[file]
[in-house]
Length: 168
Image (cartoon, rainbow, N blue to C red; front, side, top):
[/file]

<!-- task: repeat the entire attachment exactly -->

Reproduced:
[in-house]
Length: 168
Image (cartoon, rainbow, N blue to C red; front, side, top):